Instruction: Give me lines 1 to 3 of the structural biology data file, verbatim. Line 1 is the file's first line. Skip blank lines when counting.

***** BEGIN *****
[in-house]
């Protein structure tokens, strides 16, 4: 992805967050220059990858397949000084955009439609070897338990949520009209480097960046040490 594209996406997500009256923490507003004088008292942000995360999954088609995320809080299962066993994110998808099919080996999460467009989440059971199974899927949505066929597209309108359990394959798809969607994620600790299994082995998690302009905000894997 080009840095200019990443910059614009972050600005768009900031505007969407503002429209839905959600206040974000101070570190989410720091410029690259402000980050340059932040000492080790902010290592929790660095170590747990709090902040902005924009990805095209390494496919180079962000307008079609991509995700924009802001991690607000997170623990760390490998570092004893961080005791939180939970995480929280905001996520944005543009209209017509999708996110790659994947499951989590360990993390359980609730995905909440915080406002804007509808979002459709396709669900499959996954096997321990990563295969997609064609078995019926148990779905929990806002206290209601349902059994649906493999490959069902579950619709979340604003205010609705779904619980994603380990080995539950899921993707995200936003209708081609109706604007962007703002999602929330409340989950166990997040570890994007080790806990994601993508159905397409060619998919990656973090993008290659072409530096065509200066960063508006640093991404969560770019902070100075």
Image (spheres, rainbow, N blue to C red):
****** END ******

[in-house]
């Protein structure tokens, strides 16, 4: 992805967050220059990858397949000084955009439609070897338990949520009209480097960046040490 594209996406997500009256923490507003004088008292942000995360999954088609995320809080299962066993994110998808099919080996999460467009989440059971199974899927949505066929597209309108359990394959798809969607994620600790299994082995998690302009905000894997 080009840095200019990443910059614009972050600005768009900031505007969407503002429209839905959600206040974000101070570190989410720091410029690259402000980050340059932040000492080790902010290592929790660095170590747990709090902040902005924009990805095209390494496919180079962000307008079609991509995700924009802001991690607000997170623990760390490998570092004893961080005791939180939970995480929280905001996520944005543009209209017509999708996110790659994947499951989590360990993390359980609730995905909440915080406002804007509808979002459709396709669900499959996954096997321990990563295969997609064609078995019926148990779905929990806002206290209601349902059994649906493999490959069902579950619709979340604003205010609705779904619980994603380990080995539950899921993707995200936003209708081609109706604007962007703002999602929330409340989950166990997040570890994007080790806990994601993508159905397409060619998919990656973090993008290659072409530096065509200066960063508006640093991404969560770019902070100075």
Image (spheres, rainbow, N blue to C red):